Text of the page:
Ordinary Fruit Destroys Heart Disease, Diabetes and Liver Disease

Dear Living Well Daily Reader,

“I’ll have a double burger, super-large fries and a diet soda.”

How many times have you heard (or placed) this order?

By now, you’ve probably figured out that skipping the sugar from a regular soda will not negate the detrimental effects of these Western diet staples.

Nor will a diet soda stave off the heart disease, liver disease and diabetes associated with obesity.

But that doesn’t change the almost robotic compulsion to order this diet drink in hopes it will somehow right all the wrongs of an indulgent lunch.

Personally, I’ve ordered this meal several times. And always ended the order with a diet soda — a sad afterthought for my health.

But as it turns out, if I wanted to decrease my risk of the diabetes, heart disease or liver disease that accompany my greasy and carb-filled midday delight, I should’ve replaced that diet soda with an ordinary fruit.

--Western-Style Sickness

Recent research from the American Chemical Society shows oranges and other citrus fruits may help prevent or delay chronic diseases like heart disease, diabetes and liver disease caused by obesity.

Citrus fruits contain high levels of antioxidants. Of these, a certain class called flavanones is thought to be able to combat the obesity-driven chronic diseases.

To further explore this, researchers at São Paulo State University, in Brazil, conducted an experiment on mice.

They split 50 mice into three different groups. They were fed either a standard diet, a Western-style diet or a Western-style diet plus a dose of flavanones from oranges, limes or lemons.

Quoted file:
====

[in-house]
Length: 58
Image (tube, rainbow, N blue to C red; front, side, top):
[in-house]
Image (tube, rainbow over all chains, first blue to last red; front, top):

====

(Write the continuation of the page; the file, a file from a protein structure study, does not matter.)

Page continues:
The mice that ate the Western-style diet without taking the additional antioxidants experienced a significant increase in cell damage markers called thiobarbituric acid reactive substances (TBARS), which measure levels of oxidative stress. Oxidative stress is responsible for igniting the chronic diseases associated with obesity.

In fact, they saw a TBARS increase of 80 percent in the blood and 57 percent in the liver compared with the mice that were on the standard diet.

However, the mice fed the Western-style diet with the citrus antioxidants saw a significant decrease in both TBARS levels. In fact, one of these antioxidants, eriodictyol, decreased TBARS by 64 percent in the blood and 47 percent in the liver when compared with those fed just the Western-style diet.

And even more amazing, mice fed eriodictyol had lower fat accumulation and damage in the liver.

This means eating citrus might help protect your liver, heart and other organs from the stress of obesity!

--The Future of Flavanones

To sum these findings up, Dr. Thais B. Cesar, who lead the research team reports:

“Our studies did not show any weight loss due to the citrus flavanones. However, even without helping the mice lose weight, they made them healthier with lower oxidative stress, less liver damage, lower blood lipids and lower blood glucose.”

And while mice were used for the experiment, researchers believe these results may translate well to humans. Paula S. Ferreira, a graduate student on the research team, says, “Our results indicate that in the future we can use citrus flavanones… to prevent or delay chronic diseases caused by obesity in humans.”

Ferreira also explained that eating citrus fruit likely has beneficial health effects for folks who aren’t obese but eat Western-style diets that put them at risk for developing obesity, heart disease and insulin resistance.

While this is great news, it doesn’t mean eating a single orange with a bucket of chicken or a pound of nachos will keep you free of diabetes, heart disease or liver disease. But it does mean adding a piece of citrus to your daily routine is an easy way to help keep your heart and liver healthy.

Live well,

Natalie Moore
Managing editor, Living Well Daily


Sources

[1] Citrus fruits could help prevent obesity-related heart disease, liver disease, diabetes

Natalie Moore

Written By Natalie Moore

Natalie Moore is a dedicated health researcher with a passion for finding healthy, natural, and science-based solutions. After a decade of direct healthcare experience in western and natural medicine, she was involved in public health research before joining Living Well Daily.

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